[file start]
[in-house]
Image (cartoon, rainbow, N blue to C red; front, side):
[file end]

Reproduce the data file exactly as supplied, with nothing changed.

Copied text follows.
[in-house]
Image (cartoon, rainbow, N blue to C red; front, side):